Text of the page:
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CEo1MSeliueilces
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INTERNATIONAL RICE RESEARCH INSTITUTE AND
AGRICULTURAL DEVELOPMENT COUNCIL








1983
INTERNATIONAL RICE RESEARCH INSTITUTE
Los Bafios, Laguna, Philippines
P.O. Box 933, Manila, Philippines








FOREWORD




MECHANIZATION OF SMALL FARMS in South and Southeast Asia affects all pro-
duction stages from land preparation through crop production, harvesting, and
postharvest processing. Because adoption of agricultural machinery increases capi-
tal input, it is expected that either the level of output should increase or the level of
other inputs decrease. Such changes are likely to have an impact on employment,
income and income distribution, and social welfare.
Evaluation of the consequences of mechanization as well as formulation of
appropriate policy guidelines is a predominantly empirical issue strongly related to
local socioeconomic conditions. The most frequently used analytical approach is a
detailed study of a relatively specific situation.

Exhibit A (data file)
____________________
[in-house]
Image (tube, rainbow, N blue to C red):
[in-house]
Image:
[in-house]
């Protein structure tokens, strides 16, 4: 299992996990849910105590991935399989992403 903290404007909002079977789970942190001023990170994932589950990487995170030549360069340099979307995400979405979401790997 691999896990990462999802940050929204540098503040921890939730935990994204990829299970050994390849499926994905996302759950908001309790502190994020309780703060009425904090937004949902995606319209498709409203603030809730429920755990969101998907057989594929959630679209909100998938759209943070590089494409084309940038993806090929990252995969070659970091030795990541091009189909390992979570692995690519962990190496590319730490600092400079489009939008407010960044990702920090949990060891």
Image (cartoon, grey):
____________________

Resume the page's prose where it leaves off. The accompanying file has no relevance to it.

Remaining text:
In 1977, the United States Agency for International Development (USAID)
agreed to fund a research project The Consequences of Small Farm Mechaniza-
tion on Production, Income, and Rural Employment in Selected Countries of Asia
- undertaken jointly by the International Rice Research Institute (IRRI) and the
Agricultural Development Council Inc. (A/D/C). The project has involved colla-
borative work with national research institutions in Indonesia and Thailand, as well
as smaller projects with individual researchers in many countries.
A series of planning and monitoring workshops was held at IRRI to review
project progress. The fourth workshop, in which study results from both A/D/C